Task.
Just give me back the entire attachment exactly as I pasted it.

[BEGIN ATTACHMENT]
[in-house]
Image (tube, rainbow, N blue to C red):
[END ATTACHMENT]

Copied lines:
[in-house]
Image (tube, rainbow, N blue to C red):